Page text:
Morrison stated that Westlund had offered to prepare an industry indicator report about occupancy rates for the December meeting. Morrison wanted to have the report completed for October/November so they could review it.
Jeff Towery, Budget Analyst, explained that he analyzed the Fair Board’s proposal in the context of three policy decisions: whether or not to refinance the existing debt, what would be done with the additional revenues that are freed up as a result of the refinancing, and how often would they review the dedication of those additional revenues. He said they referred to this as the sweep. He said the numbers he generated in supporting his analysis support the Fair Board’s contention that refinancing over a 20 year period is an appropriate direction to go. His recommendation was to pursue that with Lane County’s bond counsel and financial advisors, bringing back a Board Order allowing the consultant costs to be financed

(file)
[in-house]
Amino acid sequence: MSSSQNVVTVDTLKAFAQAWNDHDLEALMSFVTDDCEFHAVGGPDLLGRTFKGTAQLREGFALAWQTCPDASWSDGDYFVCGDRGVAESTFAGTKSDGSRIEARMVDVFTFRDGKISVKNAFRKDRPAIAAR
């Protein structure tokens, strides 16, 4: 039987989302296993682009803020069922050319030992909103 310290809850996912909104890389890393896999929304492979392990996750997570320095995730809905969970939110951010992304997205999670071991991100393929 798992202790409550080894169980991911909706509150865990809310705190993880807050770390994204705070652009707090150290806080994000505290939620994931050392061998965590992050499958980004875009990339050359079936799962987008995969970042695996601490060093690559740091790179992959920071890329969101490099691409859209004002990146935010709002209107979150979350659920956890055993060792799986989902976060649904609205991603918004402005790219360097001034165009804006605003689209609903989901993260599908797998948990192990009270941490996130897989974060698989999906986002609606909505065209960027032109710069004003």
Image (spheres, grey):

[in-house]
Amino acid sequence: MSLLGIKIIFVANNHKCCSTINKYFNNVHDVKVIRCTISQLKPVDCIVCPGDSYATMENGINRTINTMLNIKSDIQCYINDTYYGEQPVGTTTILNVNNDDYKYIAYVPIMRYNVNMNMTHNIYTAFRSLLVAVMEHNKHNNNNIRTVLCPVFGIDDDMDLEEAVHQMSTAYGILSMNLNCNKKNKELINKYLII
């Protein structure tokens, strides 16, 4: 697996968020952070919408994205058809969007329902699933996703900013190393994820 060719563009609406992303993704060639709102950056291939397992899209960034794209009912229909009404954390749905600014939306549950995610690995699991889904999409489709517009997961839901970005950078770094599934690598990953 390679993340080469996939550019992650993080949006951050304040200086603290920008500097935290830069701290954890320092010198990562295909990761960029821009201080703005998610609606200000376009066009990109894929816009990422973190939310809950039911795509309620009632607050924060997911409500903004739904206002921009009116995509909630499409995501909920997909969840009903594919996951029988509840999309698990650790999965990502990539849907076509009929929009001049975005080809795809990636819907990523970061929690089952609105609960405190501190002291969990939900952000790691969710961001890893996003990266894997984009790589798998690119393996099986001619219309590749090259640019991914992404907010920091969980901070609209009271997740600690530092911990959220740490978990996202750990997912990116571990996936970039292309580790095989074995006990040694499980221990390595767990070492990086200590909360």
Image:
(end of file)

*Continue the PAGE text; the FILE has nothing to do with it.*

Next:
Towery noted the second part had to do with allocation of funds. His initial recommendation was to defer the decision on how to allocate the balance available until the December meeting. He said the Fair Board had been convincing with some of the imminent needs. He noted a companion recommendation was to authorize staff to create a board order to pursue the refinance, dedicating the balance available for capital improvements to the Fair Board for a period of five years from the date of the refinancing. He asked how frequently they wanted that reviewed. He noted the proposed Board Order that the Fair Board provided required a review every four years. His understanding was at the end of five years, they would review allocations for the next period.
Dwyer asked if there was consensus between the Fair Board and County Administration.
Hanson replied there was.
Towery noted the new board order that would be presented to the Board would rescind the 1998 board order that dedicated the sweep out to 2009 and it was specific about implementation of the capital improvement plan. He added the commitment to 2015 for the Florence site is incorporated into that analysis.
Green asked Gleason and the Fair Board (given the list they have for their master plan and use of these funds) what wouldn’t get done.